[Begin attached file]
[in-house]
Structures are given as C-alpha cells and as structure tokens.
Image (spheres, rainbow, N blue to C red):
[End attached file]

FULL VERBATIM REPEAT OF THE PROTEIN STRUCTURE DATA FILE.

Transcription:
[in-house]
Structures are given as C-alpha cells and as structure tokens.
Image (spheres, rainbow, N blue to C red):